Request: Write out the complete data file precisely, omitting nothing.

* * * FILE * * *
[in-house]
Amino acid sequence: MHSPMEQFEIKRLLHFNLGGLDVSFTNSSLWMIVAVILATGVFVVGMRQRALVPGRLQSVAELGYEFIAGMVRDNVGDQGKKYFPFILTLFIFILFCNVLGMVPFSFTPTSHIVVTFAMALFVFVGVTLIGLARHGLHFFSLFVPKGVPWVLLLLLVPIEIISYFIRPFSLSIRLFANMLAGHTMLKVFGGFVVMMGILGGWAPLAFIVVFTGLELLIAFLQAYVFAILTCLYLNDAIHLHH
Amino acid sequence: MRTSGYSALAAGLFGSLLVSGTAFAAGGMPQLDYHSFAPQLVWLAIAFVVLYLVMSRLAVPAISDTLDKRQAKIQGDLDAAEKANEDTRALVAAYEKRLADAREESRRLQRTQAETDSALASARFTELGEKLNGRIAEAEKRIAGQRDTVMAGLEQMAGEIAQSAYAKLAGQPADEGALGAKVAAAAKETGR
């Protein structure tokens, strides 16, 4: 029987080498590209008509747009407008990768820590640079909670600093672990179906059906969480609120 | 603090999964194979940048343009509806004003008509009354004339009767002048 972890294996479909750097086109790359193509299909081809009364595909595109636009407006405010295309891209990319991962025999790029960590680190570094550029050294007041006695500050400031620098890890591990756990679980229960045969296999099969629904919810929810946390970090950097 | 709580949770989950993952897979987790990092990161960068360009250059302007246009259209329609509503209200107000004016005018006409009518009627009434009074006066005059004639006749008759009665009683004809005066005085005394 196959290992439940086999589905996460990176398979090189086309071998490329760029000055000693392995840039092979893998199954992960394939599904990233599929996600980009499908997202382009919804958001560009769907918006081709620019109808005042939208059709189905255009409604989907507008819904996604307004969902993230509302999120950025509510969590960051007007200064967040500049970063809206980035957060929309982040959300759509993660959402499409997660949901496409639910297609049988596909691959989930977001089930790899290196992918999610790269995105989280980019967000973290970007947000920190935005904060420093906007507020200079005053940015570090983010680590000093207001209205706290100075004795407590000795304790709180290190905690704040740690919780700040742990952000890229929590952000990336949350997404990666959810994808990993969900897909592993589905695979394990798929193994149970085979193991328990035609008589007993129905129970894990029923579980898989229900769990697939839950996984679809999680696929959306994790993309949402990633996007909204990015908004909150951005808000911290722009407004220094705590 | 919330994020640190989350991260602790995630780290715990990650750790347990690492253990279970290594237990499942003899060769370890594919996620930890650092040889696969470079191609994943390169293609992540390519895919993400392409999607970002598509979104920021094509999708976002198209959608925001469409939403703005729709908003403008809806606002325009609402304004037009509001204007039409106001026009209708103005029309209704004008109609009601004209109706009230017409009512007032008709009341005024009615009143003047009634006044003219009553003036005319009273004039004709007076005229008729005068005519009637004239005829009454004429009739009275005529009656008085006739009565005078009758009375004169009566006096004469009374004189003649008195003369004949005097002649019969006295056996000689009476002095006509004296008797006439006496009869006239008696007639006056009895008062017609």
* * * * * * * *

[in-house]
Amino acid sequence: MHSPMEQFEIKRLLHFNLGGLDVSFTNSSLWMIVAVILATGVFVVGMRQRALVPGRLQSVAELGYEFIAGMVRDNVGDQGKKYFPFILTLFIFILFCNVLGMVPFSFTPTSHIVVTFAMALFVFVGVTLIGLARHGLHFFSLFVPKGVPWVLLLLLVPIEIISYFIRPFSLSIRLFANMLAGHTMLKVFGGFVVMMGILGGWAPLAFIVVFTGLELLIAFLQAYVFAILTCLYLNDAIHLHH
Amino acid sequence: MRTSGYSALAAGLFGSLLVSGTAFAAGGMPQLDYHSFAPQLVWLAIAFVVLYLVMSRLAVPAISDTLDKRQAKIQGDLDAAEKANEDTRALVAAYEKRLADAREESRRLQRTQAETDSALASARFTELGEKLNGRIAEAEKRIAGQRDTVMAGLEQMAGEIAQSAYAKLAGQPADEGALGAKVAAAAKETGR
């Protein structure tokens, strides 16, 4: 029987080498590209008509747009407008990768820590640079909670600093672990179906059906969480609120 | 603090999964194979940048343009509806004003008509009354004339009767002048 972890294996479909750097086109790359193509299909081809009364595909595109636009407006405010295309891209990319991962025999790029960590680190570094550029050294007041006695500050400031620098890890591990756990679980229960045969296999099969629904919810929810946390970090950097 | 709580949770989950993952897979987790990092990161960068360009250059302007246009259209329609509503209200107000004016005018006409009518009627009434009074006066005059004639006749008759009665009683004809005066005085005394 196959290992439940086999589905996460990176398979090189086309071998490329760029000055000693392995840039092979893998199954992960394939599904990233599929996600980009499908997202382009919804958001560009769907918006081709620019109808005042939208059709189905255009409604989907507008819904996604307004969902993230509302999120950025509510969590960051007007200064967040500049970063809206980035957060929309982040959300759509993660959402499409997660949901496409639910297609049988596909691959989930977001089930790899290196992918999610790269995105989280980019967000973290970007947000920190935005904060420093906007507020200079005053940015570090983010680590000093207001209205706290100075004795407590000795304790709180290190905690704040740690919780700040742990952000890229929590952000990336949350997404990666959810994808990993969900897909592993589905695979394990798929193994149970085979193991328990035609008589007993129905129970894990029923579980898989229900769990697939839950996984679809999680696929959306994790993309949402990633996007909204990015908004909150951005808000911290722009407004220094705590 | 919330994020640190989350991260602790995630780290715990990650750790347990690492253990279970290594237990499942003899060769370890594919996620930890650092040889696969470079191609994943390169293609992540390519895919993400392409999607970002598509979104920021094509999708976002198209959608925001469409939403703005729709908003403008809806606002325009609402304004037009509001204007039409106001026009209708103005029309209704004008109609009601004209109706009230017409009512007032008709009341005024009615009143003047009634006044003219009553003036005319009273004039004709007076005229008729005068005519009637004239005829009454004429009739009275005529009656008085006739009565005078009758009375004169009566006096004469009374004189003649008195003369004949005097002649019969006295056996000689009476002095006509004296008797006439006496009869006239008696007639006056009895008062017609």